Lifestyles



Stockholm is a city shaped by islands and legendary pop band
January 01, 2009 2:01 AM

by Joan Tupponce


Fred Stewart didn’t understand the status of the Swedish pop music group ABBA until he visited Stockholm. Now, he knows more than he ever imagined about the group, which became famous in the mid-1970s.

“In Stockholm it’s everything ABBA,” says Stewart, who is business manager of Virginia Beach-based VSD LLC, a performance improvement/work-force development company. “There’s even a sightseeing tour with an ABBA lookalike singing to you as you see the sights.”

Stewart was in Stockholm this summer to attend ITEC 2008, an international conference devoted to defense training, simulation and education. The three-day event drew representatives from 45 countries.

VSD exhibited its computer-based training capabilities and its ViloEnterprise Training Development Software Suite. The company also unveiled its magazine toan international audience. “We went to ITEC to get a better understanding of how senior officials and procurement officers operate in the international military and defense industry,” Stewart explains. “We met companies from all over Europe and the Middle East.”

VSD is a participant in the Virginia Leaders in Export Trade (VALET) program. For the next two years, the company will work with the Virginia Economic Development Partnership to increase its international business. “We’ve already traveled to Sweden and Saudi Arabia,” Stewart says. “We are extremely confident we will be working in Egypt, as well.”

The Stockholm trip was critical to the company’s growth plan. “It set us up for success in the Middle East,” Stewart says. “We met representatives from the Saudi Arabia Business Council as well as the U.S. Embassy and business figures in Riyadh and Dammam [the capital of Saudi Arabia’s Eastern Province].”

Stockholm made an impression on the former naval officer. The Swedish capital is a modern city with a 700-year history. Stockholm, which borders the Northern Baltic Sea, includes 14 islands.  “Stockholm is a water city,” Stewart says. “You can tour the city on a glass-enclosed river barge.”

On his visit, Stewart found that he had to adjust not only to the cooler climate but also the length of the days. “In June the sun comes up really early, around 3 a.m.,” he says. “It stays up until almost midnight.”

One of Stewart’s favorite sites in the city was the 609-room Royal Palace, the Swedish monarch’s official residence. “It’s phenomenal,” he says. “It’s the largest palace in Northern Europe.”

Stewart also enjoyed the old town portion of the city, Gamla Stan. The area’s busy, narrow streets are filled with shops, pubs and restaurants. “It’s a great place to find unique gifts,” he says. “I picked up some letter openers that are replicas of Nordic swords.”


The city’s economy
Because it is the capital of Sweden, Stockholm is the country’s largest municipality with a population of almost 800,000. In 2007, the greater Stockholm area had a population of almost 2 million. The largest employment sector in Stockholm is the service industry, which provides about 85 percent of local jobs. The city has seen a rise in high-technology companies, as well. Stockholm’s largest employers include the telecommunications company Ericsson with almost 8,500 employees and finance group Skandinaviska Enskilda Banken (SEB) with more than 4,000 workers. Stockholm is also the headquarters of H&M, a popular international clothing retailer. Other top employers include IBM Svenska and Sodexho, a leading provider of food and facilities. Because it doesn’t have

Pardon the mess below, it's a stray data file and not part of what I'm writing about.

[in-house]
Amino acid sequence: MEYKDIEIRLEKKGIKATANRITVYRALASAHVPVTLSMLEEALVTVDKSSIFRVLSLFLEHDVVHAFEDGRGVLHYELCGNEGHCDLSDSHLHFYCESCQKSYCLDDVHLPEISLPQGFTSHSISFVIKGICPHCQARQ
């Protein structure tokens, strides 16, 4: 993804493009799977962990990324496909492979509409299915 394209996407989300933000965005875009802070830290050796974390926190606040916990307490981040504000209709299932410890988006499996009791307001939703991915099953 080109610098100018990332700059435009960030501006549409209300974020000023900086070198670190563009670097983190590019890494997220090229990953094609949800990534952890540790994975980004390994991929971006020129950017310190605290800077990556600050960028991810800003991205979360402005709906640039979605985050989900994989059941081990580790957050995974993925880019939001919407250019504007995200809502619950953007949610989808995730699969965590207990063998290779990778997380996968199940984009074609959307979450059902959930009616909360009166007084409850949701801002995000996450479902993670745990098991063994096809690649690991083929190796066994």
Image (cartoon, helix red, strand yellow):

large industries that pollute the air, Stockholm is considered one of the cleanest cities in the world.

Where to eat
One of the grandest restaurants in Stockholm is Operakallaren, which has a view of the Royal Palace. The restaurant features modern cuisine and an extensive wine list. Den Gyldene Freden, which dates back to the 18th century, is another popular eatery. For seafood, Wedholms Fisk offers fresh turbot and pike perch. The elegant inn Edsbacka Krog serves Swedish and French cuisine while Divino Ristorante offers some of the city’s best Italian dishes.

Where to stay
On his visit to Stockholm, Stewart stayed at The Scandic Hotel. The furnishings were minimal and utilitarian but the food was plentiful, he says. “The hotel has a wonderful Swedish smorgasbord with everything from Swedish meatballs and cereals to fruits and pickled herring.” If you prefer luxury, book a few nights at the Intercontinental Grand Hotel, one of the city’s leading hotels. The 130-year old establishment sits along the city’s waterfront and serves as the hotel for Nobel Prize laureates. The five-star First Hotel Reisen offers a selection of harborfront rooms, some featuring private saunas and Jacuzzis.

 

Reader Comments

Swedish saunas are used not only to achieve meditative relaxation, but as a forum for business meetings. Just as Americans might conduct business on the golf course or in the boardroom, the Swedes hold many of their political and commerce discussions while in the sauna. They believe that the tranquil, stress-free environment of a sauna makes it ideal for the exchange of ideas and the bartering of deals.

--
Kevin from Home Saunas Talk of Terrace, BC
May. 23, 2009 at 04:05 PM



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